Aerial picture of the Broadbalk experiment
Scientists at Rothamsted Research in Harpenden (1) and the University of Reading have been able to recover DNA from crop diseases on wheat samples stored as part of a Victorian field experiment (2). Using this DNA, they have discovered how changes in air pollution over the last 160 years have affected fungal diseases on our wheat crops.
The most damaging wheat disease in Europe is leaf blotch, caused by two different fungal species, Phaeosphaeria nodorum and Mycosphaerella graminicola. These species cause the loss of millions of tonnes of grain worldwide each year. Changes in the importance of these two species have been reported in the UK and elsewhere but the reason for this has remained unclear.
Dr Bart Fraaije and his colleagues looked at straw samples archived from the Broadbalk experiment, the world’s oldest, continually-running field experiment, which was set up in 1843 to investigate the effect of fertilisers on crop yields and the soil. They were able to extract fungal DNA from the straw, enabling them to carefully track changes in the populations of the two fungi since Broadbalk’s inception over 160 years ago.
Elspeth Bartlet | alfa
New study shows producers where and how to grow cellulosic biofuel crops
17.01.2018 | University of Illinois College of Agricultural, Consumer and Environmental Sciences
Robotic weeders: to a farm near you?
10.01.2018 | American Society of Agronomy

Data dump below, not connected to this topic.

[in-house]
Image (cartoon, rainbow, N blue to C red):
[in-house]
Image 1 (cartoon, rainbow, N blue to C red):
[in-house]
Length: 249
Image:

On the way to an intelligent laboratory, physicists from Innsbruck and Vienna present an artificial agent that autonomously designs quantum experiments. In initial experiments, the system has independently (re)discovered experimental techniques that are nowadays standard in modern quantum optical laboratories. This shows how machines could play a more creative role in research in the future.
We carry smartphones in our pockets, the streets are dotted with semi-autonomous cars, but in the research laboratory experiments are still being designed by...
What enables electrons to be transferred swiftly, for example during photosynthesis? An interdisciplinary team of researchers has worked out the details of how...
For the first time, scientists have precisely measured the effective electrical charge of a single molecule in solution. This fundamental insight of an SNSF Professor could also pave the way for future medical diagnostics.
Electrical charge is one of the key properties that allows molecules to interact. Life itself depends on this phenomenon: many biological processes involve...
At the JEC World Composite Show in Paris in March 2018, the Fraunhofer Institute for Laser Technology ILT will be focusing on the latest trends and innovations in laser machining of composites. Among other things, researchers at the booth shared with the Aachen Center for Integrative Lightweight Production (AZL) will demonstrate how lasers can be used for joining, structuring, cutting and drilling composite materials.
No other industry has attracted as much public attention to composite materials as the automotive industry, which along with the aerospace industry is a driver...
Scientists at Tokyo Institute of Technology (Tokyo Tech) and Tohoku University have developed high-quality GFO epitaxial films and systematically investigated their ferroelectric and ferromagnetic properties. They also demonstrated the room-temperature magnetocapacitance effects of these GFO thin films.
Multiferroic materials show magnetically driven ferroelectricity. They are attracting increasing attention because of their fascinating properties such as...
08.01.2018 | Event News
11.12.2017 | Event News
08.12.2017 | Event News
19.01.2018 | Materials Sciences
19.01.2018 | Health and Medicine
19.01.2018 | Physics and Astronomy